written by RKS, January 12, 2010
I don't police my lab but I'm guessing my technicians that place orders are occasionally getting freebies- most often small things like t-shirts etc. Since I don't benefit personally, I feel this is fine as long as it doesn't get out of hand, i.e. purchasing of reagents in a non-competitive manner. To some extent, I feel this is one of the few perks the technicians have working in an academic environment for lower pay than industry.
written by Sam, January 12, 2010
Should one not accept free candy and pens at exhibits at meetings because it may influence you purchasing decisions? It just seems to me that many cases are borderline and a simple way of dealing with it is to limit "presents" above a maximum value or % of the purchase.
written by kartalov, January 12, 2010
It is very simple actually. Just follow two rules: 1) Don't do anything you are not willing and able to get up in court and defend. 2) If there are ""freebies"", don't put them in your pocket. Instead consider them ""lab property"". To make the point clear, stamp your institution's name on it.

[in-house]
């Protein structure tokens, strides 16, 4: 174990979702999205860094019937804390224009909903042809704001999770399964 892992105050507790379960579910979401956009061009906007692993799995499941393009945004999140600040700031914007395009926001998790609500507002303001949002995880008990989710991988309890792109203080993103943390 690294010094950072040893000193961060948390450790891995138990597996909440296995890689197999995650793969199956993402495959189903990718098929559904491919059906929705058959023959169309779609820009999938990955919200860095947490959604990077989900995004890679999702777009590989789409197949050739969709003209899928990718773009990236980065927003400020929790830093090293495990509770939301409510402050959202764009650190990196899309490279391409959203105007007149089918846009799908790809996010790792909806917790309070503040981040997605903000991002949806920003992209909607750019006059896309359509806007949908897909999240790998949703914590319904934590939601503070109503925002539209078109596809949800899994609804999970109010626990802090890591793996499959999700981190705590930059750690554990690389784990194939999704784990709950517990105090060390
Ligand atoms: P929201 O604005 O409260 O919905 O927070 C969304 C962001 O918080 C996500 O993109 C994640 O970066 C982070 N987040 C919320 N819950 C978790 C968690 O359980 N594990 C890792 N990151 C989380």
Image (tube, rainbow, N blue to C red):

written by AG, January 12, 2010
Really where is the line between a promotional item (such as a pen at a meeting) and a bribe? The IPOD rebate is a case in point. Everyone is offered the incentive, not just the person purchasing. The cost to manufacture the IPOD for Apple is probably not much more than the cost of a pen with a logo (the retail cost of the IPOD has more to do with demand and costs to develop the software). Speaking as someone who has received a free IPOD with the purchase of a computer, in between placing the order and receiving the IPOD the software became outdated. But I could spend $50 (or something like that) to get it updated it I wanted to. I figured that Apple would rather offer up outdated IPODs for free rather than pay someone to update the software on each IPOD in storage. In this case is this a promotion (like a pen) or an bribe?